The only thing certain in today’s world is change. It is inevitable and defines the world we live in, and the rate of change is increasing exponentially. Even in 2001, futurist Ray Kurzweil wrote that every decade, our overall rate of progress was doubling: “We won’t experience 100 years of progress in the 21st century — it will be more like 20,000 years of progress (at today’s rate).”
Why Change Is Necessary
Back in the 1990s, I worked for a large oil company as a computer-aided draftsman. The majority of the people on our floor were hand draftsman, and I remember telling quite a few of them that should learn computer-aided drafting. From most, the response was the same: They defended what they were doing and said hand drafting would never go away.
Within the next two years, they were all replaced with computer-aided draftsman.
At a personal and organizational level, change helps us remain relevant and is necessary for success, growth and progress.
Why Change Is Difficult
Change brings with it a lot of mixed emotions and uncertainty, followed by resistance — but why? Is it just bad attitudes and a fixed mindset? On the contrary, the brain is trained for the familiar, conditioned to survive and wired to avoid consequences that could result in any sort of pain, even in the short term. As a result, the brain sees change as a threat.
Dr. Andrea Derler and Dr. Jennifer Ray of the NeuroLeadership Institute write, “Our brains have evolved to really like certainty, which stems from our basic drive to survive. We have evolved to predict and control our circumstances because doing so optimizes our ability to live. When we experience change, our brains can interpret it as a ‘threat’ or as a ‘challenge.’”
How We Can Adapt
The good news is that our brain, like our muscles, can be conditioned, but it starts with a positive attitude toward change. Like everything else, developing this attitude takes practice. We can exercise our brain to be more receptive to change. By doing so we improve our brain’s ability to form new connections and pathways — a process called neuroplasticity. There is even evidence suggesting that physical exercise may trigger processes that facilitate neuroplasticity.
We can help our organizations become better at changing, too. David Gliecher’s formula for change, which was refined Katie Dannmiller, identifies three factors that must be present for change to take place in an organization. The formula is “C = D x V x F > R,” where C is change, D is dissatisfaction with the current state, V is the vision of what’s possible and F is the first concrete steps that the organization can take toward the vision. According to this formula, for change to be possible, the product of these three factors must be greater than R, or resistance.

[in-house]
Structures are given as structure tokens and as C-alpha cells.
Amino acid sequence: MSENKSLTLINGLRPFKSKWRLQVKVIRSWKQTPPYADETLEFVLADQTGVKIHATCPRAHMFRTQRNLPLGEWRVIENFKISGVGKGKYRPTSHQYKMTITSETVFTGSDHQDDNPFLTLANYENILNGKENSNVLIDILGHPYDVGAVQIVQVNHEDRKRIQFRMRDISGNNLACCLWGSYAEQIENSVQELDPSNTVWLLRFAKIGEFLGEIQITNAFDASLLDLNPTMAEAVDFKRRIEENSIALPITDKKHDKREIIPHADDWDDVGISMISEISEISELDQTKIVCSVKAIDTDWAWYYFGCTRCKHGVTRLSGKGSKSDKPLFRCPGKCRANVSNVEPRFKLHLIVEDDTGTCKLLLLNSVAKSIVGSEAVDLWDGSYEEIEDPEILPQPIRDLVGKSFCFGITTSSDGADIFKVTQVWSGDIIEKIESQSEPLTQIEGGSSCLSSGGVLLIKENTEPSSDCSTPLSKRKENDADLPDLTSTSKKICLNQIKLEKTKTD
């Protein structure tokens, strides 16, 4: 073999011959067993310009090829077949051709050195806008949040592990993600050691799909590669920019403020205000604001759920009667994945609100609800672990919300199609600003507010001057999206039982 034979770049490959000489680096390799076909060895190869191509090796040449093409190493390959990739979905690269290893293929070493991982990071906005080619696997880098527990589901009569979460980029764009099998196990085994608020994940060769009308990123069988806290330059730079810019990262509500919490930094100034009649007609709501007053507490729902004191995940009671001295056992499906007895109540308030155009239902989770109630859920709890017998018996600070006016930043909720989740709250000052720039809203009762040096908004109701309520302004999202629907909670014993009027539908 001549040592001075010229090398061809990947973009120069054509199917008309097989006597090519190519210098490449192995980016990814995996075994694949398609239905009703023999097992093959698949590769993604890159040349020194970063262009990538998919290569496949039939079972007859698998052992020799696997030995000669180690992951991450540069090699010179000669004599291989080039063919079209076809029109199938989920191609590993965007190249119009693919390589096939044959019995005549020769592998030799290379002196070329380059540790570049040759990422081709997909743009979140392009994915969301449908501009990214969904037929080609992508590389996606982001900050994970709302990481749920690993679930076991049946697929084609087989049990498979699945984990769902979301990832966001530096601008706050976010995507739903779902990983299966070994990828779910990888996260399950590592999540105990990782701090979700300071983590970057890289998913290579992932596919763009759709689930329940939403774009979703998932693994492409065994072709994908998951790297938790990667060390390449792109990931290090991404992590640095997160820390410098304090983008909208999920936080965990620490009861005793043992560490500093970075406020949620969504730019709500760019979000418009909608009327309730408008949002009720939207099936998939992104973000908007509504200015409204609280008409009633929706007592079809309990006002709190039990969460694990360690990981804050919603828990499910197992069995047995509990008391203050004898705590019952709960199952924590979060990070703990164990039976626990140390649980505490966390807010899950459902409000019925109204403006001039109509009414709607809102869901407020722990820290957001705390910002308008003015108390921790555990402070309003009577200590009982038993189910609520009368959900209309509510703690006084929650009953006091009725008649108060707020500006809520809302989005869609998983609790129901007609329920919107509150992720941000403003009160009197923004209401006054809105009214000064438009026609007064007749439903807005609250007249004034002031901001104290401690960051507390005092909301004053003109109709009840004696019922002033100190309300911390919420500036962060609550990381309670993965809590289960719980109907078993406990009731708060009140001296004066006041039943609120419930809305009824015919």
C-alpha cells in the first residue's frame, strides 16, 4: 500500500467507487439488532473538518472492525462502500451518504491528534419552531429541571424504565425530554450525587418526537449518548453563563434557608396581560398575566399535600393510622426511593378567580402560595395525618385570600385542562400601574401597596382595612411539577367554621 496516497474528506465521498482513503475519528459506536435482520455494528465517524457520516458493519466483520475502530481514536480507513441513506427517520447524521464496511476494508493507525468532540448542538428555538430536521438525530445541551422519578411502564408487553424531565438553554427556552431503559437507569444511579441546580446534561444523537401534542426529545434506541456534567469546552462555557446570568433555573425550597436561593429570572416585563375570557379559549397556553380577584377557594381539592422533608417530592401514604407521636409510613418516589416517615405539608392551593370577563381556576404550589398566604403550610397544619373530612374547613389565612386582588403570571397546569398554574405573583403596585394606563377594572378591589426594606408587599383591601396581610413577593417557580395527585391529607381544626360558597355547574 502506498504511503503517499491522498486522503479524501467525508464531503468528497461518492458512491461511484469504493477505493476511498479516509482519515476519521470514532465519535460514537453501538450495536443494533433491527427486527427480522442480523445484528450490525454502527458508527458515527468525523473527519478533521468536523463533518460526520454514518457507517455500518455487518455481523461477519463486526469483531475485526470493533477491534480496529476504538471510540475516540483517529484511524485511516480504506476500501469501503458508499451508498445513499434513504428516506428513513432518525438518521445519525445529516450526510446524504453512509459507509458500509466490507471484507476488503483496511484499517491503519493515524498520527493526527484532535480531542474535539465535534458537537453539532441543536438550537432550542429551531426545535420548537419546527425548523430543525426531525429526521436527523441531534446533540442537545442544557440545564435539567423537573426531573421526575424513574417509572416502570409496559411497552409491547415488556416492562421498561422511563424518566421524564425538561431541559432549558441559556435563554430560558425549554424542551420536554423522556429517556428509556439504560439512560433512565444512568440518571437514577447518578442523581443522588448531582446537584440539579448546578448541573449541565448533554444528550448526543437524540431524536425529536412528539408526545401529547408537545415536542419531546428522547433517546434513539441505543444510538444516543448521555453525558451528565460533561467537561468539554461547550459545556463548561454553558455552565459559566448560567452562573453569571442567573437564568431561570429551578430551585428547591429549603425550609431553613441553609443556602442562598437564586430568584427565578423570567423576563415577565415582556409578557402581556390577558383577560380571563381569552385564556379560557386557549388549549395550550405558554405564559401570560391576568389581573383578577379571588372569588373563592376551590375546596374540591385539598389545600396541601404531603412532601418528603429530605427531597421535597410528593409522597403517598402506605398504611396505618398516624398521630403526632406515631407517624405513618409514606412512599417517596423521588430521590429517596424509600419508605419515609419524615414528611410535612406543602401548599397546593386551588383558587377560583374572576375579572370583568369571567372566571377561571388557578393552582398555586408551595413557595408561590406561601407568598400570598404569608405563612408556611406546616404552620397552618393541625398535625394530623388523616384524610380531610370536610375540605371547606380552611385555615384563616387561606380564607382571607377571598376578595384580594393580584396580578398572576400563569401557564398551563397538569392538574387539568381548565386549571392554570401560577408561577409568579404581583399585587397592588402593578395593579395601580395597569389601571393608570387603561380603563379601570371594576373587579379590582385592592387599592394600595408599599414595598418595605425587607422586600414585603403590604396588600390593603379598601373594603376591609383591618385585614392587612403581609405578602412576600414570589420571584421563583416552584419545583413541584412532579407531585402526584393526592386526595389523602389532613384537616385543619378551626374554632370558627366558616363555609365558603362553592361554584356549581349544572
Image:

As an organization, then, we can help to facilitate change by ensuring that we provide:
- Clear communications on why change is necessary.
- A clear and positive vision on what is possible if the change occurs.
- Concrete steps on achieving the vision.
What is the role of learning? As SAP’s new chief learning officer, Max Wessel, says, “In times of disruption, learning is leverage.”
The question is, how do we leverage learning to help drive real change? As philosopher Eric Hoffer said, “In a time of drastic change it is the learners who inherit the future. The learned usually find themselves equipped to live in a world that no longer exists.”
Applying Gliecher and Dannmiller’s formula for change, here’s how learning can offset employees’ resistance to change:
- Ensure alignment of the learning strategy to organizational goals.
- Provide communication, clarity and enablement around the need for change and a positive vision for the future.
- Upskill leaders to be change champions to effectively prepare their staff on the change ahead.
- Provide clear steps, by role, for adapting to the change and achieving the vision (including enablement, resources and toolkits).
- Provide a social conduit for change — a safe place for employees to share issues and concerns.
In business, adaptability is necessary for survival and sustainability, and at its core are the skills and knowledge of an adaptive workforce. Learning is an integral and necessary part of change and adaptability. It can offset the resistance to change and should be central to an organization’s continued success.